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Global hop market

A local alternative to mass beer suggested by independent brewers has been successful and is now altering the global market. Beer is becoming more diversified, so transnational companies have to accept the new game rules and to switch focus to young and fast growing markets. All these processes increased the demand for aroma and bitter hop as well as their acreage expansion on two continents. However now there appeared a downward trend of alcohol consumption in the world, so even special sorts can soon turn to be sufficient. In this connection the dynamic American hop market is already facing some problems. EU hop producers have become more cautious, they are not racing to exceed the demand and look forward with more confidence, judging by the contract terms. 

Hop Market in Russia

Germany still dominates the Russian market, yet over the recent two years one has been able observe a continuous success of Czech hop suppliers. Their expansion and growing popularity of hops from the United States became the drivers of supplies growth in 2016 despite the preceding modest harvest crop in the EU, as well as the factor of relative stability in 2017. In this connection, in 2017, the ratio of the varieties continued to shift towards the aroma ones, and the supplies of Magnum hop and other alpha varieties were reduced. However, the import of bitter hop pellets is partially replaced by extracts, especially from the major beer manufacturers. Total volumes of alpha acid supplies, according to our estimation, decreased by approximately 5% and returned to the level of 2015. Barth Haas Group continues dominating the hop products market; HVG also increased its weight. At the same time, Morris Hanbury significantly reduced the supplies in 2017.

UK. BrewDog announces record sales as drinkers shun large breweries

Fraserburgh beer company BrewDog yesterday revealed record sales on the back of the increasingly unquenchable global thirst for artisan beers, and revealed plans for four new BrewDog bars.
The company, known for its quirky marketing and often unusual craft beer, said UK sales had surged by 230% last year and said its products were now available in Tesco, Sainsbury’s, Asda, Morrison’s and Waitrose.
This is in the face of a market that was 3.9% down during 2010, according to the British Beer & Pub Association, as pubs closed during the recession.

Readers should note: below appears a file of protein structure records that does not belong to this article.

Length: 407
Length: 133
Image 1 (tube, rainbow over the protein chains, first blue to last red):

The producer of Punk IPA, the flagship brand which accounts for just over 50% of sales, saw total sales rocket to ?3.9 million, or the equivalent of more than 7m bottles.
James Watt, the 27-year-old co-founder of BrewDog, also said pre-tax profits last year had come in at ?300,000 – well ahead of its ?147 pre-tax profit of 2009.
The company, which exports 55% of its produce, yesterday predicted its UK market share would continue to rise.
It also insisted that the growing taste for speciality beers was more than just a temporary trend, and was here to stay.
Mr Watt said mainstream breweries were now “running scared” of the craft revolution. He also said the company, which employs a staff of 50, would open new BrewDog pubs in Glasgow, Edinburgh, Manchester and London this year.
The company opened its first pub in Aberdeen in September.
Mr Watt also said its new ?5m brewery at Dyce, on the outskirts of Aberdeen, would be “up and running” in 2012 and would add significantly to production volumes.
The Fraserburgh facility will remain open for the production of “experimental beers”.
Mr Watt said he regarded his growing sales as a “landmark victory for BrewDog” against the big mainstream brewers.
He also said the rising popularity of speciality beers was evidence of a public swing. “The market has shifted,” Mr Watt said.
“Consumers have become less interested in beers from faceless, multi-national corporations.
“They want interesting beers, made by people with passion.
“Molson Coors buying Sharp’s Brewery is an act of panic, not commercial nous.
“Buying a small brewery does not buy you a craft beer soul.
“All this does is prove they can see the change is coming and recognition that the market is shifting.
“It won’t help them be a part of it.
“They, along with every other mainstream brewery, are shaking in their boots.”

16 Фев. 2011



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